Every generation discovers insights overlooked by other generations; every generation overlooks insights discovered by previous generations.

In today’s relationship-based world, says the author, your single most important relationship is with your customers. To serve your customers effectively, you must serve your employees effectively. Successful military leaders – from Lord Nelson to George Washington and from Napoleon to Dwight D. Eisenhower – showed love those for whom they had responsibility. George Washington recognized that serving others in small ways could build and strengthen habits of thinking, putting others’ needs before your own. The result can be an instinctive inclination to serve that can be drawn upon at unforeseen moments, for the highest stakes.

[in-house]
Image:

The author maintains that a leadership style serving people well in one time and place may not work in another time and place, even when serving the same people. The appropriate leadership approach is the one that enables you to serve most effectively in the circumstances at hand.

Today, you can create market value by sharing and visibly advancing the personal values cherished by your customers. The relationship can be dramatically intensified if they see themselves as living their values by purchasing and using your products.

A company that lives by the transaction dies by the transaction. You should aim for a unique, durable relationship that a customer values beyond any particular transaction.